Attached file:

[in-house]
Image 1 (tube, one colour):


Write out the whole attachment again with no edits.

[in-house]
Image 1 (tube, one colour):